Doug Esty joined the trio on banjo, bass, and guitar
in 2013 when Cap moved on to North Carolina

The trio carries on the tradition of folk music
once considered dangerous enough
to change people’s minds, and it has.
A half-century later, this music has become part of
the fabric of America and our national identity.

Some places we've played....

Three Oaks Apple Festival, Three Oaks MI
Plymouth Arts Center, Plymouth WI
Kenosha Days of Discovery, Kenosha WI
Schauer Arts Center, Hartford WI
opening for The Kingston Trio
McComb/Bruchs Arts Center, Wautoma WI
Grand Harbor Hotel, New Buffalo MI
Campanile Center for the Arts, Minoqua WI
Round Lake Center for the Arts, Round Lake IL
Lakeside Park, Egg Harbor WI
Marengo Concerts in the Park, Marengo IL
Washington County Fair, West Bend WI
Bastille Days Milwaukee WI
Edgerton Arts Council, Edgerton WI
Ironwood Theatre, Ironwood MI
2008 Obama Campaign
The Wisconsin Club, Milwaukee WI

Wild Hog in the Woods, Madison WI
The Coffee House, Milwaukee WI
Three Lakes Fine Arts Series, Three Lakes WI
The Museum at the Castle, Appleton WI
Rib Mountain State Park, Wausau WI

Sunset Playhouse, Elm Grove WI

Tunes at Twilight, Darlington WI

Heritage Hillside Series, New Richmond WI
Portage Center for the Arts, Portage WI

Dangerous Folk opening for
The Kingston Trio



David HB Drake – vocals, guitar
      In 2003 David received the “Lantern Bearer” Award from the Folk Alliance for his 25 years as a professional folk musician and educator, presenting thousands of concerts, programs, and educational residencies.  He was also named the 2002 Folk Music Artist of the Year in Wisconsin by the Wisconsin Area Music Industry.  He has ten CDs to his credit and is well known in the Midwest as a singer/songwriter, historian, activist, and shanty man aboard Wisconsin’s flagship, the schooner “Denis Sullivan”.
More on David at


Julie Ann Thompson – vocals, guitar
     Julie comes from Maine to the Midwest after performing for over ten years performing with veteran singer/songwriter Brownie Macintosh as “Julie and Brownie”.  Julie has also worked as a vocal coach and voice-over artist, actress in many theatrical productions, and co-author of the children’s book “A Pirate’s Life for Me”.  Julie is named after Julie Andrews and the resemblance is obvious.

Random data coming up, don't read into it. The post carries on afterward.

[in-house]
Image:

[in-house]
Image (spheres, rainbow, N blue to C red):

More on Julie at www.julievoice.com

Doug Esty received his BA degree in music education from Augustana College.  He has performed with many bluegrass and folk groups over the years and plays tuba with the Nightwind Ensemble.  In the real world, Doug is a Telecommunications/PC Specialist at Blood Center of Wisconsin.
More on Doug at Linked-In

Dangerous Folk Quiz !
Are you dangerous folks? 
Try the following quiz!

1) What do you do with a hammer?
2) Where are the answers?
3) Will the circle be unbroken?
4) Who's land is this anyhow?

1) Hammer out justice, warning, and freedom.
2) Blowing in the wind...still, unfortunately.
3) Yes, if we have anything to do with it.
4) Ours - not some corporation's!


Doug , Julie, and David remember the music that is
Blowing in the Wind!

Concert Programs

Blowing in the Wind
Favorite folk songs of the 60's
Sample set list below

"Blowing in the Wind" is a sing-along concert of those stirring songs that we all remember from 
Peter, Paul, and Mary, The Kingston Trio, 
Pete Seeger, Joni Mitchell, Bob Dylan, John Denver, Phil Ochs, Woody Guthrie and more. 
Sampler DVD available on request

This program is has very effective
 for fundraising events where
musical entertainment is needed especially
if your donor base is over 50!

A Joyful Noise
Folk songs of Faith,
Music of Biblical Proportions
Sample set list below

Folk Music has always had deep roots in faith. From spirituals to classical and contemporary music, deep belief in a greater good has been a reason to rise up singing.  A Joyful Noise gives voice to the joy of this creation and life for all people with songs that span and bring together the generations,
where the Circle is Unbroken.
David, Doug, and Julie are each regular song leaders at their respective places of worship
each Sunday.

Times are A’Changing !
Dangerous Songs that changed America
Sample set list below

Times are A’Changing  is a concert of the anthems from the civil rights, anti-war, union, and environmental awareness movements that that rang out from the picket lines and marches from the early days of slavery to the fall of the Berlin Wall.
Never forget the struggle of those who brought us a better world through song.

Give a Hoot!
Public television has been doing it for years-
trotting out the favorite folksingers of the 60s that inspired baby boomers who now
contribute to good causes.
The next time you have a fundraising event, remember that "Dangerous Folk" can perform a lively hootenanny for your event and
 bring all the old songs that contributors
love back to life!

The Illustrated Song
Many popular folk songs have been illustrated as children's books.  Taking the concept full circle,
David  leads familiar folk songs such as
"This Land is your Land", "The Marvelous Toy",
and "I've been working on the Railroad"
while the pages from the corresponding children's books are projected so the audience can sing along!